Green City Living and Thinking – Houses
I have found a fascinating article in the New York Times, it is exceptionally well written and is definitely worth your time to read.
I love the insight into the Inuit lifestyle, I was completely absorbed into the why’s and wherefore’s of the building of igloos, totally new to me!
But there is much, much more… I have included a taster here but it well worth your time to click through to read the complete article about Green City living especially if you would like to improve your knowledge of eco housing.
By DIANE ACKERMAN in the New York Times
In the sizzling summer heat I’ve been thinking about igloos. To chill out in, of course, but also because I admire their elemental simplicity.
Inuits traditionally used bone knives to carve bricks from quarries of hardened snow. A short, low tunnel led to the front door, trapping heat in and keeping out fierce cold and critters.
Mortar wasn’t needed, because the snow bricks were shaved to fit, and at night the dome ossified into a glistening ice fort.
The human warmth inside melted the ice just enough to seal the seams.
The idea behind such homes was refuge from elements and predators, based on a watchful understanding of both.
The igloo was really an extension of the self — shoulder blades of snow and backbone of ice, beneath which a family slept, swathed in thick animal fur, beside one or two small lamps burning blubber.
All the building materials lay at hand, perpetually recycled, costing nothing but effort.
The beginnings of the ultimate Green City!?
Picture most of our houses and apartment buildings today — full of sharp angles, lighted by bulbs and colors one doesn’t find in nature, built from plywood, linoleum, iron, cement and glass.
Despite their style, efficiency and maybe good location, they don’t always offer us a sense of sanctuary, rest or well-being.
Because we can’t escape our ancient hunger to live close to nature, we encircle the house with lawns and gardens, install picture windows, adopt pets and Boston ferns, and scent everything that touches our lives.
This tradition of doing and undoing doesn’t really make sense or promote healthy living or a sustainable planet, so there’s an impassioned trend worldwide toward building green cities with living walls and roofs and urban farms in skyscrapers.
Vertical gardens and living roofs are sprouting up everywhere.
Mexico City’s three eco-sculptures, carpeted in over 50,000 plants, tower above car-clogged avenues. Not quite what we are looking for in our ideal green city.
A blooming tapestry of plants adorns the exterior walls of the Quai Branly Museum in Paris.
Inside Lisbon’s Dolce Vita shopping center, a plush vertical meadow undulates.
In Milan’s Café Trussardi, diners and flâneurs sit in a glass-box courtyard beneath a hint of heaven: a vibrant cloud of frizzy greens, cascading vines and flowers.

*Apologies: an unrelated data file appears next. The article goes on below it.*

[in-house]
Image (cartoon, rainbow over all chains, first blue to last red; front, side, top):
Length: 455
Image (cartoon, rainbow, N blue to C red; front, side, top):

The Plant, an old meatpacking building in Chicago, has morphed into an eco farm, home to tilapia fish breeders, mushroom gardeners and hydroponically grown vegetables.
Xero Flor America, based in North Carolina, has already sold 1.2 million square feet of living roofs.
Patrick Blanc, a botanist and a pioneer of the vertical garden (whose own house in the suburbs of Paris includes growing walls and an aquarium floor), has designed or inspired living walls for the New York Botanical Garden and a luxury apartment building in Sydney, among dozens of businesses, homes, schools and museums, whose walls whisper and bloom.
The green city goal, is homes and public spaces that are live organisms that will scrub the air of pollutants, increase oxygen, reduce noise, save energy and refresh the spirit.
Big cities are hot spots, on average 13 to 16 degrees warmer than the surrounding countryside.
Three and a half billion people now live in cities, and scientists predict that by 2050 cities will contain two-thirds of the world’s population and most of its pollution.
As people flock to urban centers where ground space is limited, Green Cities with green walls and roofs and skyscraper farms offer improved health and well-being, renewable resources, reliable food supply, and relief to the environment.
More at… New York Times
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Below is a picture of my ideal Green City “we can dream”!
The Hanging Gardens of Babylon
This hand-colored engraving mistakenly attributed to the 16th-century Dutch artist Martin Heemskerck, probably made in 19th century after the first excavations in the Assyrian capitals, depicts the fabled Hanging Gardens of Babylon, one of the Seven Wonders of the World.
According to the tradition, the gardens did not hang, but grew on the roofs and terraces of the royal palace in Babylon.
Nebuchadnezzar II, the Chaldean king, is supposed to have had the gardens built in about 600 BC as a consolation to his Median wife, who missed the natural surroundings of her homeland.
Information courtesy of… Wikipedia
If there’s an prize for great online content, your article should win a big trophy. I haven’t seen such well-written content in quite some time.Reply